Prior Art Document


Non-Patent Document



[0013] 

Non-Patent Document 1: J. Clin. Oncol. 19, 4298-4304 (2001)

Non-Patent Document 2: Br. J. Cancer 91, 344-354 (2004)

Non-Patent Document 3: Cancer Res. 61, 8654-8658 (2001)

Non-Patent Document 4: Anticancer Res. 21, 3075-3079 (2001)

Non-Patent Document 5: Cancer Res. 56, 4881-4886 (1996)

Non-Patent Document 6: J. Natl. Cancer Inst. 94, 936-942 (2002)

Non-Patent Document 7: Cancer Res. 66, 8847-8857 (2006)

Non-Patent Document 8: Mol. Pharmacol. 66, 25-32 (2004)

Non-Patent Document 9: Clin. Cancer Res. 10, 4661-4669 (2004)

Non-Patent Document 10: J. Clin. Oncol. 25, 1247-1254 (2007)

Non-Patent Document 11: Clin. Cancer Res. 11, 4770-4774 (2005)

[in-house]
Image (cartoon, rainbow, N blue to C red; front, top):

Non-Patent Document 12: J. Biol. Chem. 279, 46113-46121 (2004)

Non-Patent Document 13: European Journal of Cancer 2004; 40: 939-950

Non-Patent Document 14: Cancer Treatment Reviews 2002; 28: 27-47

Non-Patent Document 15: J. Clin. Oncol. 2004; 22: 529-536


Summary of the Invention


Problems to be Solved by the Invention



[0014] An object of the present invention is to provide a marker for determining sensitivity of a patient to an anti-cancer agent, which marker can determine whether or not the patient has a therapeutic response to the anti-cancer agent. Another object is to provide novel cancer therapeutic means employing the marker.

Means for Solving the Problems